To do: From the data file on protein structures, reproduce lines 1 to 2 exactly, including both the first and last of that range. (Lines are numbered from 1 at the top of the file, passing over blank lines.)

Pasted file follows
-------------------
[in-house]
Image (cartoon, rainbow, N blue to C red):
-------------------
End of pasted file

[in-house]
Image (cartoon, rainbow, N blue to C red):